3. Several ideas come to mind; Seeing a few seconds/minutes into the future, being able to turn one substance into another, i.e. metal into wood, being able to rewind time maybe a minute or less, able to tell who was the last person to touch something. Is that what you were looking for.

  4. I’d look into the legends of what elves or other supernatural could do–and assume those legends arose from real people who could do some of those things and then those abilities became exaggerated.

    Could include: supernatural stamina, added strength, better and faster reflexes. Psychic stuff like an ability to appear unseen, fade into darkness…stuff like that.

  5. I’d like something that comes and goes and can’t be counted on until someone figures out it’s related to say, vitamin D intake. Superpowers are always so reliable in books. So maybe when someone takes fish oil, they can suddenly swim like a shark.

    I like invisibility as a power. Seems so useful.

  6. Well to borrow from heroes… A deaf woman has a form of synesthesia that allows her to see music and sound as colour who can then manipulate the sound as a weapon..
    The empathic nurse who absorbs the abilities of others but is destabilised by the plethora of abilities.

    Notably, there’s a cheerleaders whose ability is hampered if her brain is impaled. I think it’s a reasonably common thing to forget that any power would be controlled by the brain and that anything that affects the brain would affect the power.

  7. Wow, terrific ideas! Keep them coming.

  8. Hmm, I like the idea of going with mythological powers say Medusa with the idea that the myths arose from truth and then became exaggerated. Being able to “paralyze” people would be very handy especially if you were a parent. Sheesh – enough means enough and no means no, so quit your whining!

    Uhm, I wonder what you could use for the idea of “immortality” or someone who seems to always avoid death but really it’s that they can for short bursts manipulate the time continuum and they aren’t in the spot at the time the bullet hots or the bomb goes off. Only it would need to be in say four minute increments. You’d want a “magic” number and maybe using one from India would be better than Western European lucky numbers althjough they have changed throughout the centuries.

    Actually, looking into India for special powers or anywhere on the Asian sub continent might make for some more interesting “powers”.

  9. I like the idea of powers having consequences. For example, one power I think would be cool is the ability to make others see things, like illusions. But the flip side would be that the more you used the power, the more you would see things that aren’t really there.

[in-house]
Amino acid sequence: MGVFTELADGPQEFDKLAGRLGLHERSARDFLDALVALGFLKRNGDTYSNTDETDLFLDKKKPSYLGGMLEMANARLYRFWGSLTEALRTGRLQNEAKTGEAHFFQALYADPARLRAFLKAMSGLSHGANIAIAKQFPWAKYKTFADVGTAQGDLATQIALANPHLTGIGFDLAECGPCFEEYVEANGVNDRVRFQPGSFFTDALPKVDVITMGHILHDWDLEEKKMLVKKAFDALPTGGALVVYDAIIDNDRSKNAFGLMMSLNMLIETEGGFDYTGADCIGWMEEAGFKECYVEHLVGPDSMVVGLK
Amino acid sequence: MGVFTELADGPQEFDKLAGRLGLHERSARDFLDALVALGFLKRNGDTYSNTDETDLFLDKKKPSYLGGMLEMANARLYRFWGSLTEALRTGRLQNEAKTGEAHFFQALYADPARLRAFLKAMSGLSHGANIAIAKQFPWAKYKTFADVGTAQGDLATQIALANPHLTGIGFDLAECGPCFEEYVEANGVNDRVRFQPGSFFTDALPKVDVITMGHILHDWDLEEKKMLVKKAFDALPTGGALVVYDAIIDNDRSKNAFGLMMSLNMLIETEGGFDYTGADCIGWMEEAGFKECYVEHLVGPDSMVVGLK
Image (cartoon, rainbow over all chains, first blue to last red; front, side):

10. Have you thought about the different ways that people with disabilities use their senses?

    My son has aspergers syndrome, which is a form of autism. He has some unique abilities that you might find interesting. First, once he’s seen a movie, tv show or video, he can actually play it back in his head rewinding it and rewatching portions. And he remembers the most minute details because he remembers and stores everything visually. He also can (as he puts it) “overlay images” on his surroundings, so that he might be looking at me, but also visually running a set of computer data thhats actually scrolling superimposed over me. I would imagine those traits in a supernatural world would be useful.

    Hes a genius with computers and electronics, and can store books hes read just like videos. Thats great for tech books or educational material. The downfall is he cant read social cues or others emotions, which is a huge challenge.

    He is also hypersensitive to touch and sound. Unexpected touch registers as pain in his brain. His hearing is acute, so noises that are normal to us are often painfully loud to him. In addition, he can hear whispered conversations from two rooms and a good 40 ft away with the tv on! Some aspies are hypersensitive to visual, taste, smell stimuli.

    Imagine someone who could use their senses to do extraordinary things.

    You might want to read up on sensory integration dysfunction, which could definitely be used to give a human character unique abilities. Also synesthesia could prove a useful ability.

  11. Awesome, Karen.

  12. Have you seen the show Alphas?? the one thing I thought was cool was the guy who could read the data streams around him.

  13. Jennifer says:

    Please tell them that the fans vote for MORE MERCY!! The ending of every one of them has sent me out to get the next one immediately! I read them all at once and now am waiting for the next…. :-)